Our five faves of the moment.
2 Turns out that Nick Hornby isn't just good at writing about music; he also knows a lot about books. "More Baths Less Talking" is a collection of his columns from Believer magazine, where he writes about the books he bought, ones he downloaded and the ones he actually read. As always, Hornby is very funny -- he says he finally has time to read Dickens because "I am in reasonable health, my next divorce is at least a year or so away, and I have given up having children" -- but this book is much more than funny. He understands writers and what they are trying to do. This book crackles with insight.
3 The psychedelic whir of their acclaimed 2009 album "Merriwether Post Pavilion" was intoxicating on headphones but proved surprisingly sleepy onstage, a shortcoming that Baltimore's Animal Collective seems to have addressed on the follow-up. "Centipede Hz" boasts all the discombobulated rhythms and quirky sonic outbursts of its predecessor, but it also offers a lot more hyper energy and oomph. Primary songwriter David Portner (aka Avey Tare) even steps out as a mighty rock howler occasionally to great effect. Out Tuesday.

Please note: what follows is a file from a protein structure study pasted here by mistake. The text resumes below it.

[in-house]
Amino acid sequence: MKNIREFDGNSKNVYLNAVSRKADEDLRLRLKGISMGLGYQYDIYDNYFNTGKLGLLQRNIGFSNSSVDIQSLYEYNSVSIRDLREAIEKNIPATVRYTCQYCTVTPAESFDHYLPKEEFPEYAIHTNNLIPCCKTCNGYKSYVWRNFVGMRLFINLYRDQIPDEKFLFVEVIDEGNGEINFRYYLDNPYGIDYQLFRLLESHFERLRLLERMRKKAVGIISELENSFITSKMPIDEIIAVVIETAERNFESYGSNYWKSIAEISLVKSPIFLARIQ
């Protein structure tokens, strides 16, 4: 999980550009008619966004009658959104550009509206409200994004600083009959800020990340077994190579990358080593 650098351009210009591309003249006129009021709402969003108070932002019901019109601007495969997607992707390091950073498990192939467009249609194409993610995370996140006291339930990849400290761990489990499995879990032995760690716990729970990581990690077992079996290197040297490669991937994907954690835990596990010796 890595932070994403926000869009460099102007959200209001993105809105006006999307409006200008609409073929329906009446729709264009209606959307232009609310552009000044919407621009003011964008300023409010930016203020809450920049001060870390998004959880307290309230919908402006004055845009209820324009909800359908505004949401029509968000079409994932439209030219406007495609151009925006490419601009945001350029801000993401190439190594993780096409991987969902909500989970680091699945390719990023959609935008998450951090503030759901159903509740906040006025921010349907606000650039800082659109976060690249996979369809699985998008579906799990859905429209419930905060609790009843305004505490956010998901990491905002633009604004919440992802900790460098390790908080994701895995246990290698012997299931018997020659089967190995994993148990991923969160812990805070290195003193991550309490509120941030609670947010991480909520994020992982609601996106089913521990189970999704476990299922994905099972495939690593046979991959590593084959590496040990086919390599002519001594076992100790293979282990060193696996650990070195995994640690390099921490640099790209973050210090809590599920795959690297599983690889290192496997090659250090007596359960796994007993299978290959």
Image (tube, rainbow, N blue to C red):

4 "The Misadventures of Awkward Black Girl" is one low-budget Web series that might make it to TV. Writer/director/actress Issa Rae plays a young woman dealing with conflicts at the office, juggling two guys, hanging with her best girl and fending off her hypercritical mother. Now in its second season, the series gets an average of 150,000 views per 10-minute episode, and it has attracted fans including Donald Glover of "Community," who makes a cameo. Earlier this year, the show won the Shorty Award for Best Web Series. Are you watching, networks? Awkwardblackgirl.com
5 You will either love "Killer Joe" or run away screaming. It's a high comedy of low taste, a work of blood-splattered skill and conviction made by people tired of timid studio pabulum. Matthew McConaughey plays a courtly, cocksure, offhandedly vicious Dallas police detective who sidelines as a hit man. Director William Friedkin crafts the film with ferocious tension and unexpected humor as he paints a gallery of derelict no-hope Americana.